ABOUT JERICHO - HISTORY
Shopping was nearly all done down the Kingston Road and Walton Street. Griffiths the paper shop delivered our Daily Express and supplied me with comics. Here I learned an important lesson about grown-ups: they did not necessarily know more than you. This was a breakthrough in those deferential and obedient times. Dad sent me to buy some carbon paper for him, ten inches by eight. I asked for it from the woman in the shop whom I knew well. She went off to find some and returned looking apologetic.
“Sorry”, she said, “We’ve only got carbon paper in eight by ten.”
I had to think for a moment and asked, “Wouldn’t it be the same if you turned it on its side?”
She looked puzzled and went off to fetch a packet of the eight by ten and turned it round in her hands.
I had my haircuts at Mr Taylor’s barber’s shop in Walton Street. He wore a green overall and his own hair was impressively plastered with brilliantine. You didn’t make an appointment but just turned up and waited your turn on one of the chairs against the wall. All too often a grown-up would come in claiming to be in a hurry and Mr Taylor would say, not ask, “Alan you don’t mind waiting while I do Mr Brett?” So I waited. There would be a lot of manly talk about the price of things or Oxford City football team. The cut itself did not take long. An important part of it was a lot of rhythmic scissor clipping away from the head before each attack on the hair. Snip, snip, snip, snip, snip, cut. It emphasised the technicality, even the artistry, of what Mr Taylor was accomplishing. He showed me the end results with a flourish of the hand mirror. I would never have dreamed of saying anything but, “Thank you.”
Nearby was Cape’s the drapers on the corner of Juxon Street, a larger shop than most. It was quiet inside, more what Mum would have called “select” or even “refined”. She would go there for buttons, ribbons, material; it was a place of textures and colours and the promise of the special, a little luxury even. I remember once making our way along Walton Street in a dense, deliciously exciting, greengrey fog. There were several such in my childhood when you could only just make out the other side of the street. They were mysterious and a little frightening.
On the opposite side of the street was Burbank’s the chemist, a regular stopping place. I don’t recall my needing much medication or any pills but there were some regulars, pink cough mixture and vapour chest rub in the winter and always large jars of cod liver oil and malt. This was a delicious sweet, glutinous brown stuff, a daily spoonful of which Mum said would make me “grow up strong,” or as Dad would have it, “put hairs on your chest”. There must have been a fishy flavour but I only remember the satisfying sweetness and the treacly stickiness that made whirls on the spoon and created a long, fascinating tendril as you lifted it from the jar. You could then either twist the spoon round and round to wind in the tendril or, better, hold the spoon high and lower the thin sticky filament onto your tongue. Sometimes Mum would send me on a mysterious errand to Burbank’s with a note in an envelope. The covert nature of the mission told me that the package I returned with was something to do with her being a woman.
I would go with Mum, and later be sent, to the Co-op further up Walton Street. This was fun. It had different counters for different groceries and a separate cashier’s booth. You gave your magic share number, the assistant put your money and the bill in a little container which she fixed to an overhead wire. She pulled a wooden handle propelling the container across the shop to the cashier with an exciting whizzing sound to the cashier’s booth. Back came the change and the receipt.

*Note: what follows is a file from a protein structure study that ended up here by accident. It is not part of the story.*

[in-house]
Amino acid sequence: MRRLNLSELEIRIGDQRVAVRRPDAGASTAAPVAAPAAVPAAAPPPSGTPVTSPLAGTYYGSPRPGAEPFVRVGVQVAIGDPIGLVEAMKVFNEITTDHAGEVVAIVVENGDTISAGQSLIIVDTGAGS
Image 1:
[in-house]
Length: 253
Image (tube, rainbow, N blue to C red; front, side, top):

The Co-op and Mr Knight’s, the greengrocers next door, were at the extremities of our regular beat. Many foods were rationed and could only be purchased with a coupon from your ration book. We were registered with Cleaver’s Quality House at the near end of Walton Street - it’s a Londis now - and where your ration books were registered was where you purchased staples like tea, butter, margarine, lard, bacon, cheese, biscuits and jam. It was quite a ritual as the relevant coupon was carefully clipped from the ration book, allowing you to buy your three ounces of bacon or four .
Author: Will Wyatt
This is an extract, reproduced with permission, from Oxford Boy - A Postwar Townie Childhood. First published in 2018 by Signal Books Limited 36 Minster Road Oxford OX4 1LY.
www.signalbooks.co.uk. © Will Wyatt, 2018. Will gave a ‘My Jericho talk in February 2018.
|Ali the postman||Working Class Housing in Jericho||Jericho’s links with OUP||Happy days at the Scala||Looking back at Jericho’s gardens||A suburb of Victorian Oxford||Open fields to narrow streets||A brief history of Jericho||A magnet for Jericho’s children, layabouts and rats||Jericho embraces the canal||Memories of wigs and cassocks||A Jericho childhood||Facing the past||Traces of ancient Walton||Living memories ... St. Giles Fair||Living memories ... shops and shopping||THE EAGLE IRONWORKS OXFORD||Thomas Combe||Press opens in Walton Street||The history of St. Paul’s Church||50 Years of Jericho||Memories from a resident of Jericho|
Where the community centre came from?
The centre was built at the end of the 19th century as the Church Institute for St. Barnabas.
The history of the Phoenix?
There has been a cinema here since 1913. Orginally it the ‘North Oxford Kinema’, since when it has passed through many hands and names, including the Scala, the New Scala, the Studios 1 and 2, Studio X (a club showing soft porn) and finally in 1977 the Phoenix.